Tag Archives: training status

Resistance Training, Part 6: Volume

10 Oct

Volume – or volume load – refers to the total amount of weight lifted in a training session.  A set is a group of repetitions sequentially performed before the athlete stops to rest.  Volume is usually calculated by multiplying the number of sets by the number of repetitions times the weight lifted per repetition.

Single-set training may be appropriate for untrained individuals or during the first several months, but many studies indicate higher volumes are necessary to promote further gains in strength, especially for intermediate and advanced resistance-trained athletes.  Performing three sets of 10 repetitions without going to failure enhances strength better than one set to failure in 8 to 12 repetitions.

Primary Resistance Training Goal

Training volume is directly based on the athlete’s resistance training goal.  Below is a summary of guidelines for numbers of repetitions and sets commonly associated with strength, power, hypertrophy, and muscular endurance training programs:

  • Strength – 6 or fewer repetitions; 3-5 sets
  • Power – 2-4 repetitions; 3-5 sets
  • Hypertrophy – 6-12 repetitions; 3-6 sets
  • Muscular endurance – 12 or more repetitions; 2-3 sets


Your thoughts?

Next: Rest Periods

Resistance Training, Part 3: Training Frequency

3 Oct

How many times should an athlete train, in a given time period (the usual time period is one week)?  It’s the Strength and Conditioning professional’s job to determine an athlete’s training frequency, based on several factors.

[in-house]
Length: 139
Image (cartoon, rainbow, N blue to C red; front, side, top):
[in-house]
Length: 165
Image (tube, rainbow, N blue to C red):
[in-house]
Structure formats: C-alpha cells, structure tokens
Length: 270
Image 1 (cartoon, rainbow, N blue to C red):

The athlete’s training status – his or her level of preparedness for training – refers to past and present training experience and proficiency.  Resistance training novices may train one or two days per week, allowing for more rest days.  Athletes with a longer history of Strength training experience and expertise may choose to train three or four days per week, provided they follow recommended guidelines for rest and recovery.

The athlete’s sport season will also influence training frequency.  Resistance training frequency should be at its highest level during the athlete’s off-season, with a gradual taper as he or she progresses to the pre-season and in-season phases.  This is referred to as periodization.  Multi-sport athletes can present somewhat of a challenge, with regard to training frequency, especially those athletes whose participation is virtually year-round.

Athletes who train with near-maximum loads will require more recovery time prior to their next training session.  Additionally, research shows that – with regard to heavy-loading – upper-body muscles may recover more quickly than lower-body muscles.  Exercise type also impacts training frequency, as the athlete has the ability to recover faster from single-joint exercises compared to multi-joint exercises.

The overall amount of physical activity must also be taken into account, when considering training frequency.  This can be sport activity (practices and games), other forms of exercise and training programs, and physically demanding work (especially athletes who work in manual labor jobs, or are on their feet all day).


Your thoughts?

Next: Exercise Order

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